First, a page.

ALEPPO: Plans to evacuate besieged opposition districts of Aleppo were under threat on Wednesday as renewed airstrikes and shelling rocked the Syrian city in a bombardment the UN said “most likely constitute war crimes.”
Iran imposed new conditions, saying it wanted the simultaneous evacuation of wounded from two villages besieged by opposition fighters, according to UN sources.
Syrian government forces renewed shelling on the last holdouts of rebel-held eastern Aleppo, raising fears that a deal to evacuate civilians and fighters from the devastated city may not be honoured.
“There is artillery [being fired] now … as I speak,” Zouhir Al Shimale, a journalist in east Aleppo, told Al Jazeera in a WhatsApp message on Wednesday.
— Zouhir_AlShimale (@ZouhirAlShimale) December 14, 2016
“There aren’t any clashes,” he said, explaining rebel groups were not fighting at the moment. “There are injuries, but we don’t know how many. We can’t go outside because the shelling is indiscriminate.”
The UK-based Syrian Observatory for Human Rights also said shelling could be heard, but its origin was not clear. Speaking to Reuters news agency, rebel commanders said government forces had renewed shelling and violated a ceasefire reached a day earlier.
There was no sign of that happening. Instead airstrikes, shelling and gunfire erupted in Aleppo and Turkey accused regime forces of breaking a truce agreed less than a day before. The regime’s television said opposition shelling killed six people.
There were clashes on the ground later in the day, with opposition fighters saying they launched an attack against regime forces using suicide car bombs.
The UN High Commissioner for Human Rights, Zeid Ra’ad Al-Hussein, said he was appalled that the deal appeared to have collapsed. “While the reasons for the breakdown in the cease-fire are disputed, the resumption of extremely heavy bombardment by the regime forces and their allies on an area packed with civilians is almost certainly a violation of international law and most likely constitutes war crimes,” he added.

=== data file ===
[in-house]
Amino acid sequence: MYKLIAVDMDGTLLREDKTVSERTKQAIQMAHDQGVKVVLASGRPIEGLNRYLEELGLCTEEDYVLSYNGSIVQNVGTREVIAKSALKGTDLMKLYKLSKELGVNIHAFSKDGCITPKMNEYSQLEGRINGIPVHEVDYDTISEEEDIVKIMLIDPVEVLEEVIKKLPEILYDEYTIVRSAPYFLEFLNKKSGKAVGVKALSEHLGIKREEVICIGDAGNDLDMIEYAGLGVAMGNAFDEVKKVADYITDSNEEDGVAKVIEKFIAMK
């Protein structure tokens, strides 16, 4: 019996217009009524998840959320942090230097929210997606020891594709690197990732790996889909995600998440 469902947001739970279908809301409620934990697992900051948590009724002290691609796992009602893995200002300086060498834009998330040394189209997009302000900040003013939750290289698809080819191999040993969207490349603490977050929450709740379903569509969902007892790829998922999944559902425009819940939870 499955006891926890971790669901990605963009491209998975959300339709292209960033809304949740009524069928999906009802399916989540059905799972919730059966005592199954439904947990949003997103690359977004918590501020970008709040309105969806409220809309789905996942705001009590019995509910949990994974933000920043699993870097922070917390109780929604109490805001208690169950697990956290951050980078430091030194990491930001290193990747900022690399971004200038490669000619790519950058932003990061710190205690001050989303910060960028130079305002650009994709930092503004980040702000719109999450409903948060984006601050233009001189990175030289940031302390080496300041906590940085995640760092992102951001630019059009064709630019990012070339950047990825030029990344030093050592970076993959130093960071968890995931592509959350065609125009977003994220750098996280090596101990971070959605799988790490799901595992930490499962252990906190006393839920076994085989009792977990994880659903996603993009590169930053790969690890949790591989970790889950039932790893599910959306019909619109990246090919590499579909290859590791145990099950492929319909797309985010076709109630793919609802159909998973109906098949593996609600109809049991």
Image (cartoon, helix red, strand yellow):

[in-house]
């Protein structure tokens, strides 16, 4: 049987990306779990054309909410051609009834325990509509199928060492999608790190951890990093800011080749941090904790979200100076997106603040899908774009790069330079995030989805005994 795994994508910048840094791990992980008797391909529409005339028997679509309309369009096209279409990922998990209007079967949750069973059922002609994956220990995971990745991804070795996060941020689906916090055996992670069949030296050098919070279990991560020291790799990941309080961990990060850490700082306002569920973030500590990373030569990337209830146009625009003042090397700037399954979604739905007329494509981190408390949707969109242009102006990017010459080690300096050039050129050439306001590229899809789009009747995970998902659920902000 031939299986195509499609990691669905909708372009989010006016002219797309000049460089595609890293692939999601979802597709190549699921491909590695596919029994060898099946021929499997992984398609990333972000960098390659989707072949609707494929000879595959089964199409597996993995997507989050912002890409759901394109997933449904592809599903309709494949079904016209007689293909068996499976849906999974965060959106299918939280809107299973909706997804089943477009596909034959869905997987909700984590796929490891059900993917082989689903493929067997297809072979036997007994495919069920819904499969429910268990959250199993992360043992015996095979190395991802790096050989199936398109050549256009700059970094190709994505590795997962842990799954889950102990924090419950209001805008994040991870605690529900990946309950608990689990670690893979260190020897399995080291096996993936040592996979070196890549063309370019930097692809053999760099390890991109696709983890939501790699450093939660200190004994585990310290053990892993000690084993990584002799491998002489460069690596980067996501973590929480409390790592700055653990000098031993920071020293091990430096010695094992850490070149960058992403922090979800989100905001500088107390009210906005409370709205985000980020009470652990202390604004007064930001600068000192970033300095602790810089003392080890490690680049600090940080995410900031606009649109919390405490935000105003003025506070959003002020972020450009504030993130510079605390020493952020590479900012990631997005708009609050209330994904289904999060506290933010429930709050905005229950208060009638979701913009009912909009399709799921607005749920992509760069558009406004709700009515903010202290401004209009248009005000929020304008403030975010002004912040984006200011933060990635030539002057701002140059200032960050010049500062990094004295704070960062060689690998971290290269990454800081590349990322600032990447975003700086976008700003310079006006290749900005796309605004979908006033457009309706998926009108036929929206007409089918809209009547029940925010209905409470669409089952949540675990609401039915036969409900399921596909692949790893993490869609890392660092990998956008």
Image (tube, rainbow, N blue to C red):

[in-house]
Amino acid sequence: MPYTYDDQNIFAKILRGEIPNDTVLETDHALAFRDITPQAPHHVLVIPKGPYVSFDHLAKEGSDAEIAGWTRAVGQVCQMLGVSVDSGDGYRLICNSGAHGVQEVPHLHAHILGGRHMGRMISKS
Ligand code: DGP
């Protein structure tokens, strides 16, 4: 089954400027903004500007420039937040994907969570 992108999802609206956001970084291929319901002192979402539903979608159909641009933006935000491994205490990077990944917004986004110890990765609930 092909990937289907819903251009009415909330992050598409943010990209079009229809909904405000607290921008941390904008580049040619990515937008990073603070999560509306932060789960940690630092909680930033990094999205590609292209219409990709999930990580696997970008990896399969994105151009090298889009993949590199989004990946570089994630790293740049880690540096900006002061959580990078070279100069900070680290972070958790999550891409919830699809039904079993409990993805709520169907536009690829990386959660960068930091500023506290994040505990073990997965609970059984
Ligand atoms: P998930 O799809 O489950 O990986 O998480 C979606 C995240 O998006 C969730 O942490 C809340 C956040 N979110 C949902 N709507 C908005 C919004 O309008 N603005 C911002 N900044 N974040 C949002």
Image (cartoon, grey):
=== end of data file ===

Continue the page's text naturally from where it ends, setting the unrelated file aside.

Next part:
There was no immediate indication when the evacuation of civilians and fighters might take place but a pro-opposition TV station said it could be delayed until Thursday.
Turkish President Tayyip Erdogan and Russian leader Vladimir Putin agreed in a phone call to make a joint effort to start the process, Turkish presidential sources said.
Russian Foreign Minister Sergei Lavrov predicted that opposition resistance in Aleppo would last no more than two or three days. Moscow said the opposition now controlled an enclave of only 2.5 square km. Turkey, Russia and Iran will hold a meeting in Moscow on Dec. 27 to try to find a solution to the five-year conflict, Ankara said on Wednesday.
In a separate development, a US general said Daesh possibly seized air-defense weapons when they recaptured Palmyra. It adds a potential complication to the coalition’s air war, he said.
Lt. Gen. Stephen Townsend, who commands the US-led coalition bombing Daesh in Iraq and Syria, said terrorists seized a trove of gear when they retook the desert city.
“We believe that includes some armored vehicles and various guns and other heavy weapons, possibly some air-defense equipment,” Townsend said in a video briefing from Baghdad.
Massacred in cold blood
Explaining that civilians were scared the evacuation could be delayed further, Shimale said: “No one knows what the regime will do.”
“People here are shocked [by the delay],” Shimale said. “We didn’t sleep last night waiting to leave.”
Russian Foreign Minister Sergey Lavrov said he expected the last of the “rebel resistance” to end within two to three days.
In what appeared to be a separate development from the planned evacuation, the Russian defence ministry said 6,000 civilians and 366 fighters had left rebel-held districts of Aleppo over the past 24 hours.
ears have been growing for thousands of trapped civilians as rebels make a desperate last stand in their remaining pocket of territory.
Late on Tuesday, Turkey’s Deputy Prime Minister Mehmet Simsek announced his government was planning to set up a new tent city to host “80,000 people fleeing eastern Aleppo”. He did not specify whether the facility would be in Turkey or Syria.
The UN said on Tuesday it received reports about pro-government forces executing scores of civilians in Aleppo, including women and children.
Eighty-two people were reportedly killed when Syrian forces took over rebel-held areas, it said.
Marwan Kabalan, a Syria analyst and associate political analyst at the Doha Institute, said the ceasefire breach may signal growing differences between Russia and Iran.
“The Russians seem to be bowing to international pressure in order to make the truce hold,” he told Al Jazeera.